5 Brilliant Times John Oliver Won The News, Because He's Totally On A Roll

For the last couple of years, John Oliver's been killing it. The former Daily Show correspondent turned HBO star has turned heads with a dynamic flair for digging deep into some of the darker corners of the news, devoting extended time to issues few other shows would ever take the time to unpack. And, of course, he's all about the yuks: Here are five times John Oliver won the news, because he's kind of at the top of his game right now.

The thing that's been really impressive about Oliver's Last Week Tonight is its ability to transcend traditional comedy TV and leave an impact in the real world — perhaps even more impressive than its reliable, eight to 10 belly-laughs per 30-minute episode, to say nothing of bemused giggles. And if you factor in ideologically simpatico chortles, it might just be the most effective comedy news show ever.

Over the course of nearly two seasons (the show's currently in the midst of its second), Oliver has spoken up on a variety of important issues that you might not have heard of otherwise, giving them a much-needed bump in the cultural consciousness. Here are a handful of the best examples.

1. Net Neutrality

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Back in the inaugural season of Last Week Tonight, this was the first real indicator of what TIME would refer to as "the John Oliver effect" — when there's a surge in public interest on a topic from one of Oliver's so-called "#longrants." In the case of net neutrality, he laid out the broad contours of the problem in fairly typical, relatable ways — emphasizing the multi-tiered Internet speeds that could take hold in an Internet devoid of net neutrality protections — and then compared FCC chairman Tom Wheeler to a ravenous, babysitting dingo.

2. Civil Forfeiture

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The stories that are ripest for comedy, obviously, are the ones where the facts seem most dystopian and bizarre. For instance: the government taking your money or belongings by charging them — the inanimate objects, not you — with crimes. And yet, that's precisely what's been happening countless times at both the local and federal level. Oliver dedicated the bulk of the episode to this topic, ruminating on how and why such a thing could be legal. And lo and behold, it brought some results: then-Attorney General Eric Holder unveiled a raft of new limitations on civil forfeiture months later.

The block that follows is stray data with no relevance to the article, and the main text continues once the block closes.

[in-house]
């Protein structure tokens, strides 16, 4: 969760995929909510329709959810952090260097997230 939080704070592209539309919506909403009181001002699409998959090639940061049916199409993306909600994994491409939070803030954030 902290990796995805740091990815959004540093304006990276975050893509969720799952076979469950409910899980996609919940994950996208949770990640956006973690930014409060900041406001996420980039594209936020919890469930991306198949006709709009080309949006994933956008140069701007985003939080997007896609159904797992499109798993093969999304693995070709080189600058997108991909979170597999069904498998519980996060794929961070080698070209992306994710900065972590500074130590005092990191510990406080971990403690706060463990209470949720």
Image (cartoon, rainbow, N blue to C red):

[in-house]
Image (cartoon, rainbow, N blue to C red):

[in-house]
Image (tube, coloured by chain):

3. Working Conditions In Qatar

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There might be no more glaring human rights nightmare highlighted by Last Week Tonight than this one: Construction being undertaken in Qatar, some of which resulting from Qatar's 2022 host gig, is literally killing migrant workers. The weather is so searingly hot in Qatar, and the construction work so grueling, that The Guardian estimated one death every two days in 2014, and that's without a number of migrant communities accounted for. It's not a problem strictly confined to soccer, either — Qatar's policies turn migrant workers into practical slaves.

Oliver didn't only talk about Qatar, also touching on corruption within FIFA, and his profound loathing of FIFA president Sepp Blatter, but this is about as noble a cause to use one's platform for as any — there's no telling for sure where the death toll will land by 2022.

4. Payday Loans

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Payday loans are a brutal enterprise, geared towards the most vulnerable people in their neediest of times. That's part of why they remain so popular, in spite of their sky-high interest rates and the cycles of crushing debt that so often come with them — even if the penalties might be steep, if you ask someone who's very poor if they should be able to take out this kind of an emergency loan, there are sensible reasons for them saying yes.

But the fact that someone under duress might want to make a bad deal doesn't exonerate the process, nor does it make the companies that offer them any less exploitative. This is yet another case where Oliver's public spotlight shone on a very important issue, and one that would've been so easy to overlook for more sensational stories.

5. Rapacious Televangelists

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This is the delightful kick that Oliver's on right now. It's apparently become an ongoing experiment, somewhat in the mold of that Super PAC Jon Stewart and Stephen Colbert created during the 2012 presidential election. Basically, out of a well-earned disgust for cash-hungry televangelists and faith healers, Oliver decided to launch his own church to see just what he could legally get away with.

It's called "Our Lady of Perpetual Exemption," and it's been a feature on the last two episodes of the show, although for my money the real joy is in watching Oliver shred long-discredited preachers like Robert Tilton. One of the familiar themes of Oliver's show is that he always shows a legitimate, interested care in showcasing people who're being exploited or abused, whether by people or systems, and exploitation is the name of the game for many televangelists.